After the trivia round, the competitors split into groups of six to pair wines with three artisanal cheeses from Wisconsin Cheese. Introduced by Bob Dilcher from the Wisconsin Milk Marketing Board, the cheese selection included Dunbarton Blue (subtle blue and earthy cheddar), Hook's 10-year Cheddar (sharp with a little sablé texture and smooth finish), and Bellavitano Reserve (nutty, fruity, and creamy). After tasting cheeses, the sommeliers dashed to the wine library to quickly taste and choose a wine. As they explained their selections, judges received pours and began to critiquing the choices. Up first, Julian Mayor chose a Maury Blanc, by Domain Mas de Lavail from the south of France, considering it a seasoning to complement the cheese. Thomas Pastuszak wanted acidity and aromatics to stand up to the cheese, and poured Eden Valley's Mesh Riesling from Australia, looking for a "laser to cut through the richness of the cheese."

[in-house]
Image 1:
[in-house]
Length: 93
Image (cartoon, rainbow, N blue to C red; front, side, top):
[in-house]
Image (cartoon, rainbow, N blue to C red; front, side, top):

Jill Zimorski was the only somm to take a chance on red, choosing Les Hauts du Fief, from Crozes-Hermitage. Alexander LaPratt sought to complement the complex, earthy fruit notes in the cheese and selected Australian Hunter Valley Semillon, a simple wine to refresh the palate between cheeses, and thus bringing the focus back to the cheese, not the wine. Thomas Perez also kept the focus on the cheese by presenting a young and ripe, clear, aromatic contrast with the Domaine Felines Jourdan Picpoul de Pinet.